Uniform Firearms Act: Act 158 – Right to Carry

We will start this continuing series with Pennsylvania going from a “may-issue” discretionary issue state, to a shall-issue state. Prior to Act 158, the law read something like this:

Issue of License.–The Chief or Head of any police fore or department of a city, and elsewhere the Sheriff of a County, may, upon the application of any person, issue a license to such person to carry a firearm in a vehicle or concealed on or about his person within this commonwealth for not more than five years from the date of issue, if it appears that the applicant has good reason to fear an injury to his person or property, or has any other proper reason for carrying a firearm, and that he is a suitable person to be licensed.

Act 158 was actually a child welfare bill, that had right to carry attached to it. It fundamentally altered the licensing language to say:

Grant or Denial of License.–Upon the receipt of an application for the license to carry a firearm, the sheriff shall, within 45 days, issue or refuse to issue a license on the basis of the investigation under subsection (d) and the accuracy of the information contained in the application. If the sheriff refuses to issue a license, the sheriff shall notify the applicant in writing of the refusal and the reason. The notice shall be sent by certified mail to the applicant at the address set fourth in the application.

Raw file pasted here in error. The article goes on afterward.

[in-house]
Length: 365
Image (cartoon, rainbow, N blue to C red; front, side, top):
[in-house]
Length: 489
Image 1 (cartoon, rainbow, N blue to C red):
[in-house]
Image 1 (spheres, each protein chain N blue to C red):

This basically made the state shall issue.  Subsection D spells out the conditions that one must meet to qualify for a license, and they are objective, for the most part.   But, there was a catch:

 (2) In a City of the First Class, a license shall be issued only if it additionally appears that the applicant ahs good reason to fear an injury to the applicant’s person or property, or has any other proper reason for carrying a firearm and that the applicant is a suitable individual to be licensed.

Philadelphia is the only city of the first class in the Commonwealth.  Act 158 specifically exempted Philadelphia from the right-to-carry requirement, and allowed the city to continue to refuse to issue gun licenses to anyone they didn’t sufficiently like.

Act 158 also made provision for sportsman’s permits, for carrying a firearm while hunting, in addition to strengthening the state’s preemption to include ammunition and ammunition components.

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